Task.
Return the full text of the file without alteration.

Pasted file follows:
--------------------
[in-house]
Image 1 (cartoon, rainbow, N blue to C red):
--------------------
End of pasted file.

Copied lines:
[in-house]
Image 1 (cartoon, rainbow, N blue to C red):